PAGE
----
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Absent biological father does not predict advanced pubertal development

Add Health contains pertinent data to test established theory

Posted December 20, 2018

Research has determined that adolescents who experience puberty earlier than their peers have a higher risk of delinquency, early sexual activity, and other negative health outcomes. Therefore, it is important to understand what factors might influence the timing of puberty. A prevailing theory postulated that having an absent biological father triggers early pubertal development. Subsequently, this theory has been supported to varying degrees by other studies.

A study by TenEyck, El Sayed, and Barnes tests this proposed causal relationship utilizing Add Health data. Add Health consists of nationally representative data, including biological development questions that were asked while respondents were in Grades 7 through 12, when females are still developing. Add Health also includes variables about respondents’ physical development relative to their peers. These additional variables were used by TenEyck et al. to develop a more complete measure of biological maturity than what previous studies had done.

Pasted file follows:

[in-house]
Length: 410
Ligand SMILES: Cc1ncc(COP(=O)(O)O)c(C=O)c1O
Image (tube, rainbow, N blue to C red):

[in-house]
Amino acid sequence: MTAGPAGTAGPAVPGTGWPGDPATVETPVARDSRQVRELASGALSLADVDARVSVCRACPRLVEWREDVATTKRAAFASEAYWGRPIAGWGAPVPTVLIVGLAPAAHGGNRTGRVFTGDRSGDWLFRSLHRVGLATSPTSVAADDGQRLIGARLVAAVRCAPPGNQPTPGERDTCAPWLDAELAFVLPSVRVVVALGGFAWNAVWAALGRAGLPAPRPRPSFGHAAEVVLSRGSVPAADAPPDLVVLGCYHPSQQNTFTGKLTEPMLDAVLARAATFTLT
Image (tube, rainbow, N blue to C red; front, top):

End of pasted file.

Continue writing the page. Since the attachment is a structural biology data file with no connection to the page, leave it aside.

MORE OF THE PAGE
The study found that there was no relationship between having an absent biological father and early pubertal development, even after accounting for theory-based confounders. The contrasting results from this study, compared to others, requires further research. The authors hypothesize a few factors that may be influencing the absent father/puberty relationship, including the lack of individual level genetics in previous literature. You can view the study here to learn more.

Authors:

Michael F. TenEyck, University of Texas - Arlington

Sarah A. El Sayed, University of Texas - Arlington

J.C. Barnes, University of Cincinnati

TenEyck, M. F., El Sayed, S. A., & Barnes, J. C. (2018). The effect of absent biological father on female biological maturity: Results from a nationally representative sample of adolescents. Journal of Contemporary Criminal Justice, 1-16.